Friday, June 2, 2023

Great Power: SPIDER-MAN: ACROSS THE SPIDER-VERSE

Plunging head first into the tangled webs of superhero canon, Spider-Man: Across the Spider-Verse tells, improbably, the best superhero story the big screen has seen in ages. It does so by turning around and directly confronting the very nature of its telling. It features one of its antagonists sounding a lot like one of those whiny fandoms that complains about every deviation from the formula, and every divergence from the previously established canon. This guy gives a serious, glowering monologue in which he lays out the idea that certain characters simply must die, because that’s the way these stories are supposed to go. They die in every story, in every timeline, to serve the same purpose. In our world, that satisfies the conservative fanboy in the audience, and, indeed, a middling serving of cameos and connections is enough to keep the whole machinery of these franchises turning. But this group of filmmakers, including screenwriters Phil Lord and Christopher Miller (The LEGO Movie) and co-director Kemp Powers (Soul) among dozens of talented collaborators, are thinking beyond that here. What Across the Spider-Verse does by placing this idea at the center of its conflict is stirring stuff—and the kind of bold, inventive, imaginative storytelling that these sorts of stories are supposed to be about in the first place.

This clever eruption of animation and excitement builds beautifully off the distinctive pleasures of its predecessor, Into the Spider-Verse, that introduced us to dimension-hopping Spider-Men through the eyes of Miles Morales (Shameik Moore), a Brooklyn teenager bit by a radioactive spider. So far, so familiar to the Peter Parkers we’ve known, albeit with a cool cultural specificity that is a modern-day, teenaged, half-Black, half-Puerto Rican New Yorker. But because his special spider fell through a hole between parallel universes, it immediately involved him meeting a selection of alternate Spideys—a Peter Parker (Jake Johnson), an anthropomorphic pig, a Japanese mech suit, and so on, including a crush-worthy spider-powered Gwen Stacy (Hailee Steinfeld). That movie had its instantly lovable and sympathetic hero in Miles—as at home in his sleek form-fitting black suit as he is in Nikes and a hoodie—fitted in a stylish animated world that had a fluid hand-drawn-over-CG aesthetic complete with comic book affectations like faded overlapped multi-dot colors and zippy split-screen and text boxes with narration and onomatopoetic emphasis. The Spider-people from other worlds came trailing their own distinct styles—jagged CG and jumpy anime and inky black and white and so on. The sequel starts with Miles alone in his own universe, where he has plenty of quotidian Spidey troubles juggling school, family, and his secret identity. Soon enough, though, a seemingly dopey villain—voice with blasĂ© nefariousness by Jason Schwartzman—opens damaging portals between universes, and it all tumbles into potential chaos again. The story quickly bests the original vision in two directions at once—digging deeper into Miles’ world and inner life, while exploding out in a dazzling variety, swirling with inventive style and cultural melange as a secret inter-dimensional squad (led by Oscar Isaac and Issa Rae) senses trouble in the multiverse.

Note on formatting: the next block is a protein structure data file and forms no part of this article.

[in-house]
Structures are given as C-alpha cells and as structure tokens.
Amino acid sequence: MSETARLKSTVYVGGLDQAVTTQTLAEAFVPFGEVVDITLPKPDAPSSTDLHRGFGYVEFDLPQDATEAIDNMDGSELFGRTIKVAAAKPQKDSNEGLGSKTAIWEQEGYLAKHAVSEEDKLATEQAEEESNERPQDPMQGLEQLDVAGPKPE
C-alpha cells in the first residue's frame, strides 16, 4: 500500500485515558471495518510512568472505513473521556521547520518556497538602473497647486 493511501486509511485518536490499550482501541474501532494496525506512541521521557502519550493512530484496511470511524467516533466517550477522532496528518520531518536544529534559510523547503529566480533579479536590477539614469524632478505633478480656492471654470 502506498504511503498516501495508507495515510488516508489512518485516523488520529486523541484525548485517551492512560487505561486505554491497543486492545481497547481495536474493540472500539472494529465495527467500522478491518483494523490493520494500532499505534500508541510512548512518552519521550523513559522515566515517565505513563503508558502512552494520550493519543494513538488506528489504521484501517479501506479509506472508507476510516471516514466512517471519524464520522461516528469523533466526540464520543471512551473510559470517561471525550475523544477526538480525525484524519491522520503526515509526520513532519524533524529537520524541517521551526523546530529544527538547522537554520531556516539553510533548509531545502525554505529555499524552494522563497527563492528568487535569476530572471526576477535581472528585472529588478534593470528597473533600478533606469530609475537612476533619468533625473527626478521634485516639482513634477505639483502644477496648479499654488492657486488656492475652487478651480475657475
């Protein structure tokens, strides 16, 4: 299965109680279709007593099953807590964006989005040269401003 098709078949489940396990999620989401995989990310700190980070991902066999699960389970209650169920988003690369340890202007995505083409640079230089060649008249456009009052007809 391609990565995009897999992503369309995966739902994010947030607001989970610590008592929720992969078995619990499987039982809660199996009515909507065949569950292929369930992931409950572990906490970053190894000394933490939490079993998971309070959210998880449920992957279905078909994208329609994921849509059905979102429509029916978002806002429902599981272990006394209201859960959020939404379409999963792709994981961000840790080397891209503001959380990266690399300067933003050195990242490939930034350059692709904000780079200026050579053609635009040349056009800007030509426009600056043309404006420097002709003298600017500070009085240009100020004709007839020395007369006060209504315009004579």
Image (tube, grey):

The result is a movie that’s a non-stop visual delight surrounding its sympathetic core. Each new world feels pulled from a different designer. There’s a scratchy parchment renaissance character, a Brit punk Spidey sketched on rumpled paper and traveling via collage, stiff-armed Hanna-Barbera style vintage beings, brief glimpses of stop-motion and even live-action worlds, and, my favorites, a dazzlingly detailed Indian metropolis and a world where wet watercolor backgrounds drip expressionistically as characters try not to cry. But at the center of it is one kid, trying his best to do right for his family, his friends, his crush, and his city. And isn’t that so authentically Spider-Man? There’s genuine capital-R Romance here, in all the outsized adolescent emotions that this particular superhero has always done so well. Think about the best moments in any previous Spider-Man movie. It’s not the action, per se. It’s the beats between, where characters really matter, and the stakes are built, not out of the world ending, but about a particular person’s place in the world. This movie knows that deeply—allowing for long scenes to breathe and accumulate real investment in the relationships on display in voice performances that are universally warm and committed. For all its wild and creative action—and there’s more here in even the first sequence than we get in most full length spectacles of this size—there’s the beating heart yearning for connections. Every twist and complication as the story expands and explodes earns its weight from this source—a boy who wants to make his parents proud, impress the girl, and save, not the world, but his world. This is Spider-Man storytelling at its finest, including a great cliffhanger that left me eager for the next issue.

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